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NEWS
By NEW YORK TIMES NEWS SERVICE | December 8, 2002
CHICAGO - United Airlines worked with four lenders yesterday to determine the final details of a $1.5 billion financing plan that would help it operate under bankruptcy protection, even as its board met here to review how to go forward with a significant restructuring. United, the world's second-largest airline, is expected to file for bankruptcy court protection from its creditors as early as today, depending on how quickly it takes care of last-minute financial details. The $1.5 billion in debtor-in-possession financing - from Citigroup, J.P. Morgan Chase, Bank One and the lending arm of General Electric - would give United enough cash to keep flying at least in the short run. United could draw on half of the loan immediately, and the lenders would get first claim on the airline's assets, before other creditors.
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BUSINESS
By MARK SKERTIC and MARK SKERTIC,CHICAGO TRIBUNE | January 21, 2006
CHICAGO -- Three years after United Airlines announced it was embarking on a period of "profound and agonizing change," the bankruptcy reorganization plan for the nation's No. 2 carrier won court approval yesterday. And it was agonizing: More than 25,000 workers lost jobs, those remaining suffered huge wage and benefit cuts and shareholders watched their stock become worthless in the longest and most expensive airline bankruptcy in history. Despite the pain, "I think there is a reason to feel good about this plan," U.S. Bankruptcy Court Judge Eugene R. Wedoff said in making his ruling.
BUSINESS
By NEW YORK TIMES NEWS SERVICE | January 1, 2005
The government moved in bankruptcy court late Thursday to oppose an agreement that United Airlines recently struck with its pilots union on the looming termination of the pilots' pension plan. In a motion filed in federal bankruptcy court in Chicago, the Pension Benefit Guaranty Corp. accused United of attempting to circumvent the federal pension law with the agreement, and of offering its active pilots relief "at the expense of the federal government, its other employees and creditors."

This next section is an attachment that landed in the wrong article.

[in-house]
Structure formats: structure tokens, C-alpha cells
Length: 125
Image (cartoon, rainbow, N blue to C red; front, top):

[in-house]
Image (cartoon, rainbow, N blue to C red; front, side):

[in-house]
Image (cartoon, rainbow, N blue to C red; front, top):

BUSINESS
By Robert Manor and Robert Manor,CHICAGO TRIBUNE | July 30, 2004
The International Association of Machinists and Aerospace Workers sued three top United Airlines executives yesterday, saying their decision to stop funding pension plans violates their responsibility to employees. The airline, meanwhile, released financial figures for the second quarter showing that, although it is still losing money, it sharply cut its losses compared with the corresponding period a year ago. Last week, United announced it would not make any payments to its underfunded pension plans while it remains in Chapter 11 bankruptcy.
BUSINESS
By Melissa Allison and Melissa Allison,CHICAGO TRIBUNE | September 17, 2004
CHICAGO - United Airlines said yesterday that it needs to shave about $500 million more in costs over what it announced just two weeks ago. The carrier has not decided where it will make the additional cuts, spokesman Jeff Green said. The disclosure came in a filing to update a U.S. Bankruptcy Court judge on the airline's status for a hearing today. "We haven't been advised of any new cost-cutting programs by United Airlines," said Joseph Tiberi, a spokesman for the International Association of Machinists and Aerospace Workers.